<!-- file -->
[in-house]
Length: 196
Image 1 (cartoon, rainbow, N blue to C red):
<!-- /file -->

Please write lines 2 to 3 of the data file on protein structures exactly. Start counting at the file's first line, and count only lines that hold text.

Length: 196
Image 1 (cartoon, rainbow, N blue to C red):